Simon has an interesting post that challenges arguments against unconditional bond-buying (QE) by the ECB. He makes a convincing case that such bond-buying for specific countries to avoid a “bad equilibrium” would not violate the ECB’s price stability mandate.
But I think his analysis misses another key (if implicit) aspect of the ECB’s mandate: in a highly incomplete political union, the ECB must minimise the risk of redistributions between members through its monetary policy (see this earlier post). Losses on bonds will be shared across the monetary union. Concerns that monetary union is a vehicle for such redistributions could doom the entire project. Of course, there is risk of such losses even on normal monetary policy operations. But this is why these operations take place within a strict risk control framework. For bond-buying, fiscal conditionality can be viewed as an effort to reduce the risk of losses, and ultimately redistributions between monetary union members.
Now it could be argued that fiscal conditionality actually increases the risk of losses. This would be the case if fiscal conditionality is self-defeating — that is, slows the economy so much that the fiscal situation actually deteriorates. Opinions differ on whether this is the case. However, if influential members believe that the ECB’s actions would unacceptably increase the risks of losses without conditionality, then the ECB would find it difficult to proceed with bond-buying, and find it particularly difficult to make the strong commitment necessary to keep yields low enough to credibly remove the danger of the bad equilibrium (see here).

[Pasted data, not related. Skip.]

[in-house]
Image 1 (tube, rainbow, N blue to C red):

The bottom line that redistributive politics within the monetary union mean that the kind of strong commitment needed to keep yields low is near impossible without conditionality. The choice may be for the ECB to act with conditionality or not to act at all.